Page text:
The day of the meeting with Mandela came, so of course I arrived half an hour early. Mandela’s assistant reassured me that I was expected and tried to calm me down. She told me, “he’s just another man”, but that didn’t help. As I sat there, I became hotter and hotter, and seriously thought about fleeing. Then suddenly she took me into his room.
He jumped up and hugged me. His height made me feel even smaller. Then he called me “son” and I was dumbstruck, literally. He asked me something and I couldn’t answer. His assistant gave me a glass of water. He again asked me something about the state of literacy.
I found myself telling him that there were between 17million and 19 million illiterate people in South Africa. I explained that the National Literacy Centre tried to reach people in every province. He asked lots more questions. Then he asked me to be his adviser for the day during a forthcoming seminar on literacy.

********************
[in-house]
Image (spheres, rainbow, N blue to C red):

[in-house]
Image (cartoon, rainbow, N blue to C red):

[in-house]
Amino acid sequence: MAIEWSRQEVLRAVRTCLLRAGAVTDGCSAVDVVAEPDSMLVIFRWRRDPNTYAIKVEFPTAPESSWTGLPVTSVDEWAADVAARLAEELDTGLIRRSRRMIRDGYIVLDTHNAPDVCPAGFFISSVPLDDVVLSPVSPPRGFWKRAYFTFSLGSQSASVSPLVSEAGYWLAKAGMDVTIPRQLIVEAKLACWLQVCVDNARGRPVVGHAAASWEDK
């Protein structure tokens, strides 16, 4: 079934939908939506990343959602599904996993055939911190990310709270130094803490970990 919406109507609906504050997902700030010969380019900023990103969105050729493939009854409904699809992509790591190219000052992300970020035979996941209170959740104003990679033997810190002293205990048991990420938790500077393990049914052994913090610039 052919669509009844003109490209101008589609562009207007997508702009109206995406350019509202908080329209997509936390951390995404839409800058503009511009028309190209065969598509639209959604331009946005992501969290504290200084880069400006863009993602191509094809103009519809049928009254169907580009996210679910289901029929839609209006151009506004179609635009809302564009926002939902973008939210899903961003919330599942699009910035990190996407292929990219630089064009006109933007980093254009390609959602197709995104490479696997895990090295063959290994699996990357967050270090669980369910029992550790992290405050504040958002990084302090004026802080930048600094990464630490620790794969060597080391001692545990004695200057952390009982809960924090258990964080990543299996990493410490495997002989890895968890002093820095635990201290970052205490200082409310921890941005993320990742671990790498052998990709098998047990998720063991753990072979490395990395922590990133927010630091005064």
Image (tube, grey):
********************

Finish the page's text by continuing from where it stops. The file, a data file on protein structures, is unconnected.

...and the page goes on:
That day, he beckoned me to sit next to him in front of hundreds and hundreds of people. I was worrying that everyone would be asking themselves who I was. During the seminar, every time someone asked a question, Mandela leant towards me and asked my view.
At the end of the seminar, he invited all the cleaners to join us for food. I thought, “Wow, this really is the man”.
“Always respect the cleaners”
I will never forget what he said to me that day. “We all have only a very short life, and in that life we must focus our attention on the marginalized and oppressed to make a difference”. He said that the people he most respected were the poor, the people living with HIV/AIDS, the illiterate, the street people.
He then asked if I would do him a favour. “Of course,” I said. “Always respect the cleaners,” he said. “Even if you’re going to visit a king, go and speak to the cleaners first.”
That affected me so deeply, and from that moment onwards I threw myself into activism. He had given me confidence that I could do something to make a difference, and guidance on how to behave.